A jury handed Alphabet's (GOOGL) - Get Report Google unit a victory late Thursday in a patent suit brought by Oracle (ORCL) - Get Report , but Larry Ellison's software company vowed Thursday that the fight isn't over.
"We strongly believe that Google developed Android by illegally copying core Java technology to rush into the mobile device market," Oracle General Counsel Dorian Daley said in a prepared statement.
"We believe there are numerous grounds for appeal and we plan to bring this case back to the Federal Circuit on appeal," Daley added.
Shares of Oracle dropped 8 cents, or .2%, to $39.87 in after-hours trading Thursday. Alphabet rose $2.17, or .3%, to $739.10.
Google said the verdict has wide-reaching benefits for the mobile technology community and clarifies the rules regarding application programming interfaces, or APIs, which allow applications to interact.
"Today's verdict that Android makes fair use of Java APIs represents a win for the Android ecosystem, for the Java programming community, and for software developers who rely on open and free programming languages to build innovative consumer products," a spokesperson said.
Oracle first filed its suit in late 2010. The software company argued that Google's Android wireless operating system borrowed heavily from Oracle's Java software development language without obtaining licenses, and sought $8.8 billion in copyright damages and $475 million in lost revenue.
With Google facing a serious threat as consumers moved from PCs to mobile devices, Oracle claimed that the search giant made improper use of Java APIs to develop its own Android mobile operating system. "It copied thousands of lines of Oracle's computer code as well as the structure, sequence, and organization of the 37 Java API packages into Android," Oracle's lawyers argue in a trial brief.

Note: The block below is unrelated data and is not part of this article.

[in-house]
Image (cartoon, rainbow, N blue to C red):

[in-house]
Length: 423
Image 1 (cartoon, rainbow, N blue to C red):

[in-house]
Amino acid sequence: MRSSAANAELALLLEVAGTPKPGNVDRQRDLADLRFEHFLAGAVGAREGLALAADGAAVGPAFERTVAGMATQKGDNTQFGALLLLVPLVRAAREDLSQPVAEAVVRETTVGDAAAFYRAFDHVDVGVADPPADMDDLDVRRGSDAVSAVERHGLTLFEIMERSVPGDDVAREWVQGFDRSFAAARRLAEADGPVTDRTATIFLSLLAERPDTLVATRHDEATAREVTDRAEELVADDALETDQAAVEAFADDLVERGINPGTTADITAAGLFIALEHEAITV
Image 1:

Google countered that Sun, which Oracle acquired in early 2010, had promoted the use of APIs to further the use of Java and claimed that it made fair use of the application interfaces.
Further, Google argued that Oracle was trying to do through the courts what it could not accomplish in the marketplace. "Only when Oracle concluded it lacked the engineering skill to build its own 'Java phone' did it choose Plan B -- this lawsuit," Google's trial brief states.
Google won the first round in 2012, when the San Francisco District Court ruled that the Java APIs were not entitled to copyright. But Oracle scored a victory in 2014, when an appellate court reversed the ruling. The court did not decide whether Google had made fair use of the API, however, and remanded the case for retrial. The Supreme Court then declined to hear Google's appeal last year, which brought the matter back to San Francisco.
The decision could have a much wider impact beyond just Alphabet's balance sheet.
In a letter to the Supreme Court, Hewlett Packard (HPQ) - Get Report , Red Hat (RHT) - Get Report and Yahoo! (YHOO) argued that the ability of APIs to enable the interaction of applications provides the "very foundation of the Internet and all of the computers, phones, smart thermostats and other devices we connect to it."
"The use of computer program interfaces, including for compatibility and interoperability, without the need to negotiate a copyright license, is both ubiquitous and essential to the operation of information technology and infrastructure," they wrote.
Without the protections of copyright, the group wrote, they would have to restrict information about their applications. "That would strike a devastating blow to innovation in the software industry, cross-industry collaboration and ultimately to downstream consumers," they wrote.